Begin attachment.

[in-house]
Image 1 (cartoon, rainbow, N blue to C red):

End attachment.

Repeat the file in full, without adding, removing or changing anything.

[in-house]
Image 1 (cartoon, rainbow, N blue to C red):